With 17th Straight Win, the Cardinals Are in Elite Company

It turns out that if a team is on the outside looking in, winning a string of games in a row is a solid strategy to come back in. The St. Louis Cardinals clinched a playoff position on Tuesday night with their 17th straight victory.

After the Sept. 10 games, the Cardinals had a 71-69 record, 15 games behind the Brewers in the National League Central and in fourth place among wild-card candidates, three and a half games out of second place. They were 88-69 through Tuesday, still six games behind the high-flying Milwaukee Brewers but securely qualified for the playoffs.

The Cards were one game ahead of a certain New York team in the standings at the start of the run. They are now 13 games ahead of them. Mets fans, I’m sorry.

The Cardinals will be a stern challenge in the wild-card game, even though they will be underdogs to either the Los Angeles Dodgers or the San Francisco Giants, with an offensive attack that includes three 30-homer players (Nolan Arenado, Tyler O’Neill, and Paul Goldschmidt) and a pitching staff that includes a 40-year-old starter, Adam Wainwright, who has 17 wins and a 3.05 E.R.A. (depending on which team wins the N.L. West).

In baseball, significant victory streaks are not uncommon: Since 1900, around 400 teams have won at least ten consecutive games, for example. (We’re not knocking the St. Louis Maroons or the Providence Grays, but we’re keeping with the modern age.)

However, as the streaks become longer, they become considerably more unusual. The Cardinals are only the 14th club since 1900 to win 17 consecutive games, and the record streak is only 26 games. Is it 21 or 22?

If the Cardinals continue to win, starting with Wednesday night’s game against the Brewers, they might join some very remarkable company.

Two New York teams have 18 victories. The 1904 Giants won 106 games but refused to participate in the newfangled “World Series,” which had been reintroduced the previous season as a championship between the National and American Leagues. The 1953 Yankees had no such reservations: after easily winning the pennant behind Mickey Mantle and Yogi Berra, they defeated the Brooklyn Dodgers in the World Series.

Two more World Series-winning teams had 19 wins: Joe DiMaggio’s 1947 Yankees and the White Sox of 1906, who defeated the Yankees (then known as the Highlanders) to win the pennant. Surprisingly, none of the longer streaks belong to World Series champions.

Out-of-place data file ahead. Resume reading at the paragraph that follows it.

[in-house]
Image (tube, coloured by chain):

The 2002 Oakland Athletics have a winning run of 20 games, which was memorialised in the film “Moneyball.” Chris Pratt, er, Scott Hatteberg, hit a pinch-hit home run to win Game 20.

The 1935 Chicago Cubs have 21 victories. The streak began in September, when the club was two and a half games out of first place. The Cubs rode the streak to a four-game lead in the final standings, but they lost the World Series to the Tigers and had to wait until 2016 to win it all again.

Cleveland leads the league with 22 victories in 2017. With 102 wins, the squad was the best in the American League until they were upset in the playoffs by the Yankees. The streak outnumbers any from the nineteenth century, making it the record. Unless, of course, you count…

The 1916 New York Giants had a mind-boggling 26-game winning streak, and it was an odd streak for various reasons. The squad started the season 2-13 and appeared to be in for a bad year. But then the team discovered some strange, if momentary, baseball magic.

The team won 17 straight games before starting to stink again. The team’s record dropped from 19-13 at the end of the streak to 59-62 in September. Then, unexpectedly, the magic reappeared. The Giants proceeded on another tear, this time a record-breaking one, winning 26 games in a row. When they finally lost, the headline in the New York Times read, “Braves End Flare of Giants’ Meteor.” The final score was 86-66, and the team finished fourth.

So, why is there any doubt that this 26-game streak is truly a record? There is an unattractive scar in the centre of all those Ws: a T. Ties were typical in the early twentieth century, when games were completed before sunset, and the Giants’ 1-1 tie against Pittsburgh in the second game of a doubleheader ended the streak considerably.

Ties are omitted in the computation of win streaks in the Elias Sports Bureau’s official record book, which acknowledges the 26-game streak as the record. If you’re a stickler (or a Cleveland fan), you might credit the 1916 Giants with a 12-game winning streak and a 14-game winning streak sandwiched around a tie.